typodupeerror
Slashdot Deals: Cyber Monday Sale! Courses ranging from coding to project management - all eLearning deals 25% off with coupon code "CYBERMONDAY25". ×

## Comment Re:Hydro = from the sun (Score 1)181

Direct solar may sound nice and work fine in small scale, but collectors would have to cover great areas to be effective

The total world energy consumption is somewhere around 100PWh/year. That's around 274TWh/day. The sunlight hitting the Earth is around 1kW/m^2, so 8kWh/m^2 assuming 8 hours of sunlight. If you assume 100% efficiency in conversion (totally impossible, but we'll start there and refine later), then that means that you need about 3.45E10 m^2 of land devoted to solar power. That's a square about 185km on each side. If you assume 10% efficiency (mass produced photovoltaics are 12-25% these days), then you need an area about 342000km^2, or about the area of Germany, to power the entire world. Now, given the efficiency of power distribution, you probably wouldn't want to put it all in one place, but you could easily fit solar panels enough that, even with transmission losses, you could power all of North America in Utah or Texas without anyone noticing. The difficulty is not the generation, it's the storage.

## Comment Re: Already solved (Score 1)110

I bought a new fridge about 5 years ago. I moved house and worked out that the difference in power consumption between the old fridge I had and the new one that I bought meant that the new fridge paid for itself in 2-3 years. Newer utilities are significantly lower power than ones from even the '80s and '90s. I bet that the next set of low-operating-cost white goods will all have some kind of Internet-related insecurity as standard.

## Comment Re:How about fixing the systems? (Score 1)143

Leap seconds are announced months in advance

i.e. with less warning than the revalidation time for a lot of safety-critical systems.

Anybody who knows about problems with leap days?

Well, aside from the Zune infinite looping...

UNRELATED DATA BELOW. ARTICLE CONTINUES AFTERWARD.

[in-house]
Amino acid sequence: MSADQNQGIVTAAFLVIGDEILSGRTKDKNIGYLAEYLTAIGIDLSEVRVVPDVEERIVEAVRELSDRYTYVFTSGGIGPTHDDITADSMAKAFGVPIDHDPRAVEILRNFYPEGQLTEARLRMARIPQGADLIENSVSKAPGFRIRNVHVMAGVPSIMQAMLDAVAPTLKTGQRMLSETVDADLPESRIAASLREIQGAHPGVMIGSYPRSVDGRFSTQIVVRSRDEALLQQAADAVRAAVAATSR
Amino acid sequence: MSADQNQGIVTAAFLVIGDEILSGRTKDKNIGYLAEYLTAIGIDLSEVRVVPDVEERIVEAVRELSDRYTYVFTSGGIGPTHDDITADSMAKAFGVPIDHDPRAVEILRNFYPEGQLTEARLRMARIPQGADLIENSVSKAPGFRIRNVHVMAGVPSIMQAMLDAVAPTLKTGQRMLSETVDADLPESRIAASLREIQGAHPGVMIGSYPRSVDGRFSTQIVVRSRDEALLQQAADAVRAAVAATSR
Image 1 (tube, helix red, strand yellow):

Leap days (which we call leap years, because consistency is hard) are predictable. Software written 40 years ago will have the extra days at exactly the same times and with exactly the same frequency that the designers thought that they would. You never have problems where some parts of a distributed system got the update and others didn't. Either the code is working, or it's broken. It's also really easy to test.

## Comment Re:This is stupid ... (Score 2)143

You do understand that the navigation is ALSO intrinsically tied to the astronomical positioning of things, right?

Today? Mostly (for anything where accuracy matters to the degree that leap seconds will make a difference in under a few hundred years) it depends on the GPS position, or some equivalent. GPS time, unlike UTC, does not have leap seconds.

## Comment Re:This is stupid ... (Score 2)143

If we don't bother with leap seconds, then the distance that the sun will be off from being directly overhead at the equinox is about the same as it is now from being a couple of hundred miles away from the meridian. A simpler solution to the problem would be to, every couple of thousand years, have a one-hour reset. There is basically nothing that depends on the position of the sun in the sky to that level of accuracy, but there are a huge number of things (including all air-traffic control systems) that depend on keeping time in sync to sub-second accuracy and are safety critical. These things all need some special handling for every adjustment and an extra hour would be no more difficult for them than an extra second, so doing one big correction every couple of thousand years would be far, far cheaper. That's of course assuming that we still care much for a time system that's predicated on a single planet's relationship to its star in 2,000 years. It seems likely that we'll either be sufficiently disbursed that we don't, or that we'll have damaged our civilisation enough that we will have far bigger problems to deal with.